It was a moment of cultural significance when The Beatles, who were deemed as four whiter than white characters who could never put a foot wrong, admitted their affinity for the psychedelic drug LSD. The drug had only just become somewhat common as a recreational party enhancer during the mid-sixties and, when John Lennon and George Harrison took their first hit under the tutelage of the ‘Demon Dentist’ John Riley—who apparently ‘dosed’ the two Beatles during a night on the tiles in the springtime of 1965—they would never look back and the world would be forever thankful for the renewed creative vigour.
While The Beatles were no strangers to drugs prior to Riley’s dosage in 1965, having experimented with a range of stimulants and cannabis over the years in the lead up to this moment, but it was their introduction to LSD which would have the biggest effect on their career. It not only caused a major shift in their music, which can be heard especially on Revolver and Sgt. Pepper, but it also caused a chasmic shift in public opinion of the band as well as their public personas. That evening which saw Riley invite John and Cynthia Lennon, George Harrison and Pattie Boyd to dinner at his central London flat would be one of the most pivotal in the history of The Beatles. The evening was a standard dinner party until it all changed shortly after the meal when Riley gave them coffee laced with LSD. At the time that Harrison and Lennon consumed the mind-altering drug, it was still legal and the general public was blissfully unaware of its existence.
The Beatles had their second trip on LSD a few months later at an afternoon party in Los Angeles, a time in which they were on a break from a particularly chaotic US tour. Although Paul McCartney refused to take part in proceedings, that didn’t stop Ringo from joining George and John—they were in an esteemed company too as they were joined by the likes of Eleanor Bron, Pete Fonda and The Byrds.
This trip would be one that provided the source of inspiration for John Lennon’s ‘She Said She Said’, a song which featured on Revolver. Lennon was inspired by the actor Peter Fonda who, during the party, told the bespectacled Beatle on numerous occasions throughout the trip, “I know what it’s like to be dead,” which ended up being a key lyric in the track which became a Beatles classic.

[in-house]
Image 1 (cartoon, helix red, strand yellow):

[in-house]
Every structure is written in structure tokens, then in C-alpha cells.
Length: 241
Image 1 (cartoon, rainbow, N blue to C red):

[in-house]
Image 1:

These frequent trips gave The Fab Four a new sense of mindfulness and freedom, one which not only poured itself into their music but it also made them more honest with the press. After Paul McCartney was convinced to join his bandmates into the world of acid, he was later famously quizzed by a newspaper about his psychedelic indulgence and he chose to tell the truth rather than take the easy route out—this made The Beatles public enemy number one and their clean-cut image had faded.
“I never felt any responsibility, being a so-called idol,” John Lennon said to Hunter Davies in 1967. “It’s wrong of people to expect it. What they are doing is putting their responsibilities on us, as Paul said to the newspapers when he admitted taking LSD. If they were worried about him being responsible, they should have been responsible enough and not printed it, if they were genuinely worried about people copying.
“LSD was the self-knowledge which pointed the way,” Lennon said in the same interview. “I was suddenly struck by great visions when I first took acid. But you’ve got to be looking for it before you can possibly find it. Perhaps I was looking without realising it. Perhaps I would have found it anyway. It would have just taken longer.”
This counter-culture that they found themselves engrossed in first made its way into their music on ‘Tomorrow Never Knows’, a song that featured lyrics adapted from Timothy Leary and Richard Alpert’s 1964 book The Psychedelic Experience. Delving deeper still, that effort was itself a reworking of the ancient Tibetan Book of the Dead, work that is considered the bible in this sub-culture. There are references throughout Revolver relating to acid and Sgt. Pepper is a remarkable slice of psychedelia that is an utter delight from start to finish.
The Beatles’ use of LSD decreased after the 1967 Summer of Love and they publically denounced the drug on 26th August when they pledged their belief in Maharishi Mahesh Yogi’s system of Transcendental Meditation instead. The world of hallucinogenics was one that John Lennon would carry on revisiting—even if it was only on a few occasions a year—as he sought out a form of resetting his mind and demons as well as providing the world with gorgeous music along the way.